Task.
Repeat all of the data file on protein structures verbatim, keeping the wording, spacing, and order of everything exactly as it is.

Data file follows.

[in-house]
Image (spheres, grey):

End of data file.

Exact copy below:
[in-house]
Image (spheres, grey):